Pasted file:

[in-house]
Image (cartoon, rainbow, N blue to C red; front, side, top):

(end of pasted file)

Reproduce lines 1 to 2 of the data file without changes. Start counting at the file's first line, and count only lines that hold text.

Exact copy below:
[in-house]
Image (cartoon, rainbow, N blue to C red; front, side, top):